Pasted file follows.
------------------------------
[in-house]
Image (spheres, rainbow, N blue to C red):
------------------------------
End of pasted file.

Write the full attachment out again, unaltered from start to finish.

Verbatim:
[in-house]
Image (spheres, rainbow, N blue to C red):